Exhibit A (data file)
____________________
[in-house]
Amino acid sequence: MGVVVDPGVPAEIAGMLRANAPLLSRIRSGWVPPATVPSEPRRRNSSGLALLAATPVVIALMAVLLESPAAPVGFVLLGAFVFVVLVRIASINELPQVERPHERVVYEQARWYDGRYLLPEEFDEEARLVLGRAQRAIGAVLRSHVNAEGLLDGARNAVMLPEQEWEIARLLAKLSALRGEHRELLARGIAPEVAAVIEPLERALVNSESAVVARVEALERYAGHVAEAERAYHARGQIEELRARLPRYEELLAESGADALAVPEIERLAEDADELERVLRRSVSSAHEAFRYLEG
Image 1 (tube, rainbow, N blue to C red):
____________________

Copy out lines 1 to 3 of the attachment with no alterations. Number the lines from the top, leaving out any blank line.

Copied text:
[in-house]
Amino acid sequence: MGVVVDPGVPAEIAGMLRANAPLLSRIRSGWVPPATVPSEPRRRNSSGLALLAATPVVIALMAVLLESPAAPVGFVLLGAFVFVVLVRIASINELPQVERPHERVVYEQARWYDGRYLLPEEFDEEARLVLGRAQRAIGAVLRSHVNAEGLLDGARNAVMLPEQEWEIARLLAKLSALRGEHRELLARGIAPEVAAVIEPLERALVNSESAVVARVEALERYAGHVAEAERAYHARGQIEELRARLPRYEELLAESGADALAVPEIERLAEDADELERVLRRSVSSAHEAFRYLEG
Image 1 (tube, rainbow, N blue to C red):